We present and show topological completeness for LB, the logic of the topological border. LB is also a logic of epistemic ignorance. Also, we present and show completeness for LUT, the logic of unknown truths. A simple topological completeness proof for S4 is also presented using a T1 space.
We introduce an operator to represent the simple notion of being wrong. Read Wp to mean: the agent is wrong about p . Being wrong about p means believing p though p is false. We add this operator to the language of propositional logic and study it. We introduce a canonical model for logics of being wrong, show completeness for the minimal logic of being wrong and various other systems. En route we examine the expressiveness of the language. In conclusion, (...) we discuss an open question regarding K4. (shrink)
In this highly original text, Christopher Steinsvold explores an alternative semantics for logics of rational belief. Topologies, as mathematical objects, are typically interpreted in terms of space; here topologies are re-interpreted in terms of an agent with rational beliefs. The topological semantics tells us that the agent can never, in principle, know everything; that the agent's beliefs can never be complete. -/- A number of completeness proofs are given for a variety of logics of rational belief. Beyond this, the author (...) explores the philosophical question of why our beliefs can never be complete, and considers the possibility that a totality of truths is a dialethia. -/- This work will be of interest to all philosophers interested in epistemology, and modal logicians as well. (shrink)
We show the Boxdot Conjecture holds for a limited but familiar range of Lemmon-Scott axioms. We re-introduce the language of essence and accident, first introduced by J. Marcos, and show how it aids our strategy.
Patrick Grim has presented arguments supporting the intuition that any notion of a totality of truths is incoherent. We suggest a natural semantics for various logics of belief which reflect Grim’s intuition. The semantics is a topological semantics, and we suggest that the condition can be interpreted to reflect Grim’s intuition. Beyond this, we present a natural canonical topological model for K4 and KD4.
A message appears on the moon. It is legible from Earth, and almost no one knows how it was created. Markus West leads the government’s investigation to find the creator. -/- The message is simple and familiar. But those three words, written in blazing crimson letters on the lunar surface, will foster the strangest revolution humankind has ever endured and make Markus West wish he was never involved. -/- The message is ‘Drink Diet Coke.’ -/- When Coca-Cola denies responsibility, global (...) annoyance becomes indignation. And when his investigation confirms Coca-Cola’s innocence, Markus West becomes one of the most hated men on Earth. -/- Later, five miles above the White House, a cylinder is discovered floating in the night. It is 400 feet tall, 250 feet in diameter, and exactly resembles a can of Campbell’s Chicken Noodle Soup. Nearly everyone thinks the cylinder is a promotional stunt gone wrong, just like the lunar advertisement. And this is exactly what the alien in the cylinder wants people to think. -/- Ralph, an eccentric extraterrestrial who’s been hiding on the moon, needs Markus’s help to personally deliver a dark warning to the White House. Ralph has a big heart, a fetish for Andy Warhol, and a dangerous plan to save the world. (shrink)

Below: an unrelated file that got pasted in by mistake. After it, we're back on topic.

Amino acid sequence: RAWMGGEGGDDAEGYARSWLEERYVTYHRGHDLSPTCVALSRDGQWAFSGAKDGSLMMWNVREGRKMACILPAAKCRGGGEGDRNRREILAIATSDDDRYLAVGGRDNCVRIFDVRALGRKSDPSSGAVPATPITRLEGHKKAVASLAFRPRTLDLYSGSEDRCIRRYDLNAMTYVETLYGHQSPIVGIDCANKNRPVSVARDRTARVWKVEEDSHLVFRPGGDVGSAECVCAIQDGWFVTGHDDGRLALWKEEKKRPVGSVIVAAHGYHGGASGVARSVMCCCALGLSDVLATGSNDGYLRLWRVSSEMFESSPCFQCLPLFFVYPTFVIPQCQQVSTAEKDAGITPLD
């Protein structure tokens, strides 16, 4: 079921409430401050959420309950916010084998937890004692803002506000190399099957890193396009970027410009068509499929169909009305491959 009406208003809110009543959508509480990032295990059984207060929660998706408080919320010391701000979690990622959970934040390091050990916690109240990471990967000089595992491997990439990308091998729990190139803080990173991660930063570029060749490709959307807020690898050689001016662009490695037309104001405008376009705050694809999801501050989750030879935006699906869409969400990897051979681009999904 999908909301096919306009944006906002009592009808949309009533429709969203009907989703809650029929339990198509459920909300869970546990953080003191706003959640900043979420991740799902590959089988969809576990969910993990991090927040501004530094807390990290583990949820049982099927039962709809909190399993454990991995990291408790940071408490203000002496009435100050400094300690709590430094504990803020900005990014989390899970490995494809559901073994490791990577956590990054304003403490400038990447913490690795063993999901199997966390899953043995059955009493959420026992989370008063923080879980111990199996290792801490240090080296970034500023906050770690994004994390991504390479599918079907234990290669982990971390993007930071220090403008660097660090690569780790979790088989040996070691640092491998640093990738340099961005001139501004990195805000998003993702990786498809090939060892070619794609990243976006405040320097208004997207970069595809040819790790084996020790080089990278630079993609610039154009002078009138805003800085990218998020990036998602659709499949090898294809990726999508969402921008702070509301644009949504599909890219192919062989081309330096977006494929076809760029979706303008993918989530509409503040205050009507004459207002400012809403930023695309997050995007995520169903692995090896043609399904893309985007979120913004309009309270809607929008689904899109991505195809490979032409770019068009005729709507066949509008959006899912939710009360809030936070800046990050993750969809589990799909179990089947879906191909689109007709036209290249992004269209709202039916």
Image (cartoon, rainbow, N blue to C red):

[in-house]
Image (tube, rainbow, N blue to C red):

Given the frequency of human error, it seems rational to believe that some of our own rational beliefs are false. This is the axiom of epistemic modesty. Unfortunately, using standard propositional quantification, and the usual relational semantics, this axiom is semantically inconsistent with a common logic for rational belief, namely KD45. Here we explore two alternative semantics for KD45 and the axiom of epistemic modesty. The first uses the usual relational semantics and bisimulation quantifiers. The second uses a topological semantics (...) and standard propositional quantification. We show the two different semantics validate many of the same formulas, though we do not know whether they validate exactly the same formulas. Along the way we address various philosophical concerns. (shrink)
Interpreting the diamond of modal logic as the derivative, we present a topological canonical model for extensions of K4 and show completeness for various logics. We also show that if a logic is topologically canonical, then it is relationally canonical.
The Boxdot Conjecture is shown to hold for a novel class of modal systems. Each system in this class is K plus an instance of a natural generalization of the McKinsey axiom. [Note from the editors: This paper was accepted for publication in 2011. It should have been published in 2014. The lateness of the appearance of the article is due entirely to an editorial oversight.].